More importantly, even if we were persuaded that the unprivileged entry element of a generic burglary could be satisfied by merely finding an entry with the intent to commit a crime, we are obligated to disregard Bowden because, in deciding that case, the Fourth Circuit did not follow a contrary prior state supreme court decision. See Factors Etc., 652 F.2d at 283 ("A federal court in another circuit would be obligated to disregard a state law holding by the [court of appeals within which the state is located] if persuaded that ... prior state court decisions had been inadvertently overlooked."). In State v. Boone, 297 N.C. 652, 256 S.E.2d 683, 686 (N.C.1979), the North Carolina Supreme Court rejected the position taken by the Bowden court, concluding instead that, "an entry, even with felonious intent, cannot be punished when it is with the owner's consent." The Boone court also held that such consent could be either express or implied. Id. at 687. As the court went on to note, a contrary interpretation of Section 14-54 would:
render the statute so broad as to make it virtually meaningless. A witness entering a court house intending to commit perjury would be guilty of felonious entry. Equally guilty would be a man entering his own home or office intending to file a fraudulent tax return. If such persons do that which they intend, they will commit criminal acts; but their crimes should only be, respectively, perjury and tax evasion--not felonious entry.
Id. at 687 (citations omitted).
Thus, we believe that the Fourth Circuit's interpretation of Section 14-54 would not necessarily satisfy the Taylor court's two-element definition of a generic burglary. However, because Section 14-54, as defined by the North Carolina Supreme Court, requires both an unlawful or unprivileged entry and the intent to commit a crime within, we believe that Section 14-54 substantially corresponds to the generic definition of burglary.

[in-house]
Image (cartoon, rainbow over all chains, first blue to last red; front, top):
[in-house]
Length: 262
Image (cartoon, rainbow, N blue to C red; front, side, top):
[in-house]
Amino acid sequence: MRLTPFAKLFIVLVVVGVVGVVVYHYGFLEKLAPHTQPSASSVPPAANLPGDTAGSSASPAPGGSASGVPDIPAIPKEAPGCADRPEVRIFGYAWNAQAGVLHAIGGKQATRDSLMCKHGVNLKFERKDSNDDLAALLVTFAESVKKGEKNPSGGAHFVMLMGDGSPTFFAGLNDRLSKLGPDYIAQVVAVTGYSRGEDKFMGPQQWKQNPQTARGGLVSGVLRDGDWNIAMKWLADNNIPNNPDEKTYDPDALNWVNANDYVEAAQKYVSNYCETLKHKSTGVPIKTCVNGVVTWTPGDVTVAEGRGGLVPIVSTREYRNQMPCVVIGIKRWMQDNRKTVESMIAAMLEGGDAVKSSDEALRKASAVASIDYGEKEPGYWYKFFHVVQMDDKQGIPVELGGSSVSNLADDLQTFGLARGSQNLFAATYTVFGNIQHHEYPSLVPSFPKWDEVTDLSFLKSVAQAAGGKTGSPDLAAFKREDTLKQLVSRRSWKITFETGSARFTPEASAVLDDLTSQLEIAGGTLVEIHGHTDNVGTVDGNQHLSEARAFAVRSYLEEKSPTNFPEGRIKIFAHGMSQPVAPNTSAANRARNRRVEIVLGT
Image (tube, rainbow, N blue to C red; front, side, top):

2. The Defendant's Prior Convictions
While we believe that Section 14-54 substantially corresponds to the definition of a generic burglary under Taylor, we also conclude that Maness was actually convicted of three generic burglaries. As the Taylor court explained, "an offense constitutes 'burglary' for purposes of a [Section] 924(e) sentence enhancement if ... the charging paper and jury instructions actually required the jury to find all of the elements of generic burglary in order to convict the defendant." Taylor, 495 U.S. at 602, 110 S.Ct. at 2160. In undertaking this analysis, however, the trial court is not limited to situations where the defendant's prior conviction was the result of a jury verdict. The district court may also find that the defendant actually committed a generic burglary when, as here, the defendant pled guilty to charges that contained all of the elements of a generic burglary. United States v. Barney, 955 F.2d 635 (10th Cir.1992); United States v. Garza, 921 F.2d 59 (5th Cir.1991); United States v. Taylor, 932 F.2d 703 (8th Cir.1991); United States v. O'Neal, 937 F.2d 1369 (9th Cir.1990); United States v. McConnell, 916 F.2d 448 (8th Cir.1990).